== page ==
posted on December 17, 2014 13:30
Book by: Richard Arum & Josipa Roksa
Review by: Alison Sommers
Psychological and Brain Sciences
University of Louisville
Arum and Roksa rocked the world of higher education with the 2011 publication of Academically Adrift: Limited Learning on College Campuses, which measured the learning, socialization, and study habits of a cohort of 1600+ undergraduates throughout college. Their finding of limited challenge in undergraduate curricula and very little documented learning occurring after two years in college created a media storm and forced administrators to question their institutions’ goals and outcomes. Unfortunately, concern with student learning has more recently been sidelined in favor of emphasizing improvement in graduation rates largely because these are easier to measure, align with governmental accountability mandates, and have more impact on comparative public rankings.
Adults Adrift follows 1000 of these same students for two years after their 2009 graduation, assessing their transition to meaningful jobs, stable romantic relationships, and financial responsibility, the traditional hallmarks of adulthood. Two years post-degree, only 26% of graduates held full-time jobs earning more than $40K annually. Twenty-three percent were unemployed or had found only part-time work. Three-quarters reported that they were receiving or had received significant financial assistance from their parents and 24% were actually living at home. They were relatively unengaged in the civic world, reporting rarely reading newspapers or discussing politics and public affairs with family or friends. Fifty-one percent were not in a serious romantic relationship.
To Arum and Roksa, these outcomes were dismaying and reflect only a tentative and marginal transition to adulthood for many graduates. Most striking for them was the unwavering optimism of the graduates regarding their expected life outcomes, in spite of their current situations. A remarkable 95% reported that they anticipated their standard of living would be the same as or better than their parents. Assuming this is not a social desirability response bias, this happy outlook appears out of touch with actual circumstances.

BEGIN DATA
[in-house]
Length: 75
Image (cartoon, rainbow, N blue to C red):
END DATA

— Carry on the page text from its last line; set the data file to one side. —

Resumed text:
Clearly, the current emphases on retention through social engagement, student satisfaction as an outcome measure, and degree production itself as the primary indicators of institutional quality are targets for their criticism. While some have suggested that improved career outcomes should follow from encouraging students to major in more lucrative fields (as though English majors and engineers are interchangeable), increasing career services or assisting students in finding internships, Arum and Roksa instead say that enhancing rigor and academic engagement for all students will foster the development of the habits, attitudes and dispositions needed for adulthood. “Graduating large numbers of students who have attained high grades with little effort and achieved limited improvement in competencies such as critical thinking, complex reasoning, and writing is a disservice to the students who enroll in these schools, the families who put trust in these institutions, and the larger society that will be dependent on the productivity and citizenship of these graduates in the future,” they state (p. 135.)
What can advisors do about this? First, read and discuss the scholarly critiques of higher education. Raise these issues publicly. Second, talk to students about learning as a desirable outcome in itself. Assist their developing a coherent curriculum plan that emphasizes learning, skills, and challenge rather than requirements and prerequisites. Third, foster autonomy and problem-solving by not doing for students what they can and should be doing for themselves. Support them in becoming responsible for their own education and futures, knowing that this will be as vital for their emerging adulthood as the degree.
Aspiring Adults Adrift.
(2014). Book by Richard Arum & Josipa Roksa. Review by Alison Sommers
, The University of Chicago Press. 264 pp., $18.00, (Paperback), ISBN #9780226197289